Google
Wednesday 
August 20, 2014 

AmosWEB means Economics with a Touch of Whimsy!

AmosWEBWEB*pediaGLOSS*aramaECON*worldCLASS*portalQUIZ*tasticPED GuideXtra CrediteTutorA*PLS
Today's Index
Yesterday's Index
315.6

Help us compile the AmosWEB Free Lunch Index. Tell us about your last lunch.

Skipped lunch altogether.
Bought by another.
Ate lunch at home.
Brought lunch from home.
Fast food drive through.
Fast food dine in.
All-you-can eat buffet.
Casual dining with tip.
Fancy upscale with tip.

More About the Index
Least favorite number?

0.
1.
7.
9.
13.
99.

INDUCED GOVERNMENT PURCHASES: Government purchases that depend on income or production (especially national income or gross national product). An increase in national income triggers an increase in induced government purchases. Induced government purchases is graphically depicted as the slope of the government purchases line and is measured by the marginal propensity for government purchases. The induced relation between income and government purchases, as well as other induced expenditures, form the foundation of the multiplier effect triggered by changes in autonomous expenditures.

Visit the GLOSS*arama


THREE QUESTIONS OF ALLOCATION:

The three basic questions that an economy must answer because of limited resources and unlimited wants and needs are: What? How? and For Whom? The basic problem of scarcity requires every society to determine: What goods to produce? How to produce the goods? And who receives the goods that are produced?
The pervasive problem of scarcity means that every society must choose among alternative uses of its limited resources. Society has only so much labor, capital, land, and entrepreneurship that can be used to satisfy the unlimited wants and needs of its members. This decision-making process, more commonly termed allocation, is summarized by the three questions: What? How? For Whom?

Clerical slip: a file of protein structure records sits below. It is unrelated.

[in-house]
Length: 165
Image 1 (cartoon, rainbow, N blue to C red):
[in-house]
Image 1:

InBs12

What?

The first question society must answer is: What goods and services are produced with society's limited resources? Does society make bagels or bread? Hammocks or hot fudge sundaes? Computers or Cadillacs? Birdfeed or battleships? This question is necessary because resources are limited but wants and needs are unlimited. Society wants a lot of goods and services, but everything cannot produced for everyone. Choices must be made. Society must choose among the wide assortment of alternatives when selecting which goods to produce.

How?

The second question that needs to be answered is: How are society's limited resources combined to produce goods and services? Are jogging shoes made with leather or nylon? Are houses built with wood or brick? Are cars made with high-tech robots or manual labor? Society, must decide which limited resources to use for which goods. Every good cannot be made using the same resources. A hungry consumer may want a hot fudge sundae made with expensive creamy custard, but opts for less expensive ice milk.